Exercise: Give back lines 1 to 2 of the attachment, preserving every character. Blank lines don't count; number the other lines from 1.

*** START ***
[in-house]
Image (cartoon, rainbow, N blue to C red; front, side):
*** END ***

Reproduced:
[in-house]
Image (cartoon, rainbow, N blue to C red; front, side):